More Pessimism Surrounds Bank Portfolios
A consensus is developing that many banks have understated how badly they'll be hurt by defaults among holdings of unsecuritized mortgages.
Even as they have taken tremendous writedowns on portfolios of home-loan bonds since the housing market fell apart last year, some large and mid-size financial institutions are still booking their whole-loan investments at par or close to it. And that means they'll wind up with even bigger losses if predictions of heavy defaults among those credits prove correct.
Sources named Citigroup as one company that may be holding mortgages at values that don't fully take expected default rates into account. And that's after it logged $46.8 billion of debt-product writedowns since mid-2007.
Another candidate is Wells Fargo, which has avoided major loan-loss provisions so far. The company will take some loan-related adjustments for assets it expects to take on with its purchase of Wachovia, however.
Financial institutions have to mark down loan portfolios inherited through purchases of other lenders, even while often leaving their own mortgage books untouched. That said, many specialty mortgage lenders have bumped up loan-loss provisions on their own. So has Wachovia, while taking $8.8 billion of credit-crisis markdowns. Privately held regional banks could also take big hits.
Hints of what might be in store for home-loan portfolios can be seen among bonds backed by similar debt pools. In that area, 802 classes of securities experienced defaults during the third quarter of 2008, up from 635 in the second quarter and 303 in the January-March period, according to S&P (see "Rankings of Market Players" in "The Marketplace" section of ABAlert.com for a full listing of defaulted issues).
Much of the discrepancy in the balance-sheet treatment of mortgage bonds and unsecuritized loans is due to the types of portfolios where those assets reside. Because bonds are placed in available-for-sale baskets, they must be assigned market values - which means steep writedowns these days regardless of default expectations. The same is true of loans held for securitization or sale.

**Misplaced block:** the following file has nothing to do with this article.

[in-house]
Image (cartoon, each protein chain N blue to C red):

Mortgage products designated as investments, on the other hand, are typically funneled into hold-to-maturity accounts or other non-tradable portfolios. That way, they can be retained at face value and their owners have discretion to set loan-loss provisions.
It's not like whole-loan portfolios are actually trading at par. Rather, most are changing hands at 40-60 cents on the dollar. One source said the midpoint of that range implies an expected default rate of 20%, which is above the current failure rate of 5-10% - and is far worse than reflected in banks' current balance-sheet treatment.
Defaults are expected to rise steadily over the next year. One indicator of impending losses is the rate of negative equity in homes across the U.S. Some 18% of mortgage borrowers owed more than their houses were worth on Sept. 30, and that figure could approach 23% before property values start increasing again, according to an Oct. 31 report from First American CoreLogic.
That trend would inevitably increase defaults among mortgage-related bonds, while reducing recoveries in the underlying loans. Initially, bond defaults were heaviest among issues backed by home-equity loans, because those credits are last in line for recoveries when borrowers default. In addition, servicers tend to write off second-lien debt more quickly than first mortgages.
During the third quarter, however, only about 20% of new defaults involved home-equity loan securities. The rest are tied to subprime, alternative-A and jumbo credits, mainly printed from 2004 to 2007. Many of the failing deals were brought to market by Bear Stearns, Credit Suisse and Lehman Brothers, although most major financial institutions have been behind at least some bond defaults.
The prevailing opinion is that the writedowns U.S. banks have already taken on such holdings have been adequate, with a worldwide total of more than $410 billion of markdowns on a range of debt investments. Some have become more aggressive with their adjustments in recent weeks, as the federal government has shown increased willingness to assist with recapitalization efforts.
Super-senior bonds backed by subprime mortgages are trading around 80 cents on the dollar. Junior pieces of the same deals are circulating at 20 cents, one trader said, reflecting strong expectations of defaults.
Those values aren't necessarily translating for the portfolios of European banks, however. Last month, the International Accounting Standards Board and the European Union loosened up standards for marking assets to market, allowing institutions within their scopes to shield certain bond holdings from writedowns by designating them as longer-term investments. But some market players think the move will only delay losses.